Shopping with Mom


I stopped over at mom and dad’s house this morning to see if they needed anything. Dad was asleep. Mom was in the kitchen.

“Are you going to be here for a while? I want to go to Giant Eagle. Your dad needs some yogurt.”

“Do you want me to stay here or do you want me to go with you.”

“It doesn’t make any difference. I can’t find my car keys. I left them in my blue pants and I put those in the laundry chute. I should get my grabber and pull them out.”

“We’ll take my car, then.”

“I need to get some yogurt, some milk, some water…have you had breakfast?”

“I ate at home.”

“Give me my cane, it’s by my chair.”

We get to the front door. “I’ll back up the car to the driveway for you.” While she’s getting down the stairs, I back up the car and open the passenger door.

Mom gets in. “You car’s lower than mine. I have to sit on cushions in my car.”

“So, which way do we go?”

“We can go to the Giant Eagle over here, or the one on Ridge Road.”

“Which one do you usually go to?”

“The one over here. Just go down to 130th street and turn left, it’s on the right hand side.”

So we drive along. We get to an intersection. “Straight ahead?”

“Yes, turn left.”

Left it is. “Your father goes up to 140th but I go this way.”

Over to 13oth. “Turn right.”

Down 130th. “Just turn left. It’s on the right.”

Left on Lorain, along we go until Giant Eagle appears. Into the parking lot. “Find a handicapped space.”

“I can’t park in a handicapped space.”

“You can if I’m in the car. I have that hanger for the mirror. There’s a spot there, take that one.”

“This other one is closer.”

Park the car. Mom hangs the handicapped hanger on the mirror. We’re technically legal.

Into Giant Eagle we go. She grabs a cart which becomes her walker for the duration. We take a slow stroll among the racks of foodstuffs. The produce section is right near the doors. She regards a display of peaches. “They don’t look so good.”

I worked in a produce stand for several years, so I cast my professional fruit peddler’s eye upon the peaches. Indeed, they are large, firm, smooth, peach-colored fruit. I’ve had peaches like this; they are all appearance–juiceless, with no flavor, a product of careful breeding. I remember peaches that were small by comparison, covered with irritating fuzz, easily bruised, but with distinct aroma and pungent flavor. These are mass market peaches.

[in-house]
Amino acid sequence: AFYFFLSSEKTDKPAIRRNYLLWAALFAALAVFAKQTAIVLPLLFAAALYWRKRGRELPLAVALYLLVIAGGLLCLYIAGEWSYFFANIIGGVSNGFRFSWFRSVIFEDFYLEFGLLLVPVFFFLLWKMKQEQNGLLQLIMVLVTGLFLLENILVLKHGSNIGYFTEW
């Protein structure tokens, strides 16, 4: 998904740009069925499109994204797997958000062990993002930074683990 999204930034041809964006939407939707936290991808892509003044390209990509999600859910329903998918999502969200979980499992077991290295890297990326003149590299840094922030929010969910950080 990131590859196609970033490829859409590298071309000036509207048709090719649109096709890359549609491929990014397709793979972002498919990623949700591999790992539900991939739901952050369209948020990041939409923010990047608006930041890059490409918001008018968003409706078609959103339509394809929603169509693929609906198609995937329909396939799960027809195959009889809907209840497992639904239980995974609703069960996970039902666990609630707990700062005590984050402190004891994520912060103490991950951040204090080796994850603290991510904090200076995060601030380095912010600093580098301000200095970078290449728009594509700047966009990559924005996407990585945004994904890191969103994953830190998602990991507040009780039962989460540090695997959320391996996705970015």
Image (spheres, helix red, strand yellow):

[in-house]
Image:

“I need some of those small Reese’s cups. I have a recipe I want to try.”

We find candy right next to the produce, close to the entry. Halloween season is upon us. There are bags of “snack size” Reese’s cups. She’s looking for the tiny ones wrapped in foil. “We’ll look at the other candy racks.”

Down the hot food aisle. It’s 10 am and the Fresh Hot Chicken is cooking. Cooks and clerks look at us expectantly. Someone stops to order something. I pull the nose of the cart so mom doesn’t run into him.

Mom winks at me. “Didn’t you want me to run over that man?”

“If I let you hit him, I’d have to fight him.”

She smiles. We’re in the bakery section. She regards the racks of donuts and bagels, lined up on sterile plastic racks with clear plastic covers that have little plastic doors you can open and reach through to get your bagel or donut. The bagels appear mildly embarrassed to be seen in public with their sugary cousins. A couple of quasi-bakers are working in the white room behind the racks of cakes and pastries.  The old man baker is slicing something. The middle-aged woman baker is decorating a birthday cake, turning the cake on a rotating plate while she applies chocolate frosting with a plastic-gloved hand. Everything in the modern store is wrapped or packaged in the clear sterility of plastic.

“69 cents for a bagel!” says mom. “They’re cheaper at Marc’s.”

We round the corner into the meat department. A couple of quasi-butchers are sawing something back in the white room behind the racks. We pass by the remnants of slaughter.

“Is there anything here you need for home?” says mom.

“No, we’re good.”

“These pork chops look good. Do you guys eat pork chops?”

“Not usually…”

“There’s the milk.”

We find the milk. Yogurt is 20 for $10.

“You father likes peach yogurt. Get some of those. Don’t get any lime flavor, he doesn’t like lime.”

There’s a wide variety of flavors. Peach, lime, pineapple, raspberry, strawberry, cherry…

“Oh look, there’s cinnamon roll. He’d like that.”